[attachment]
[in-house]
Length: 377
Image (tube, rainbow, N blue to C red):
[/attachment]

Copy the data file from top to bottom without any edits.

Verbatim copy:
[in-house]
Length: 377
Image (tube, rainbow, N blue to C red):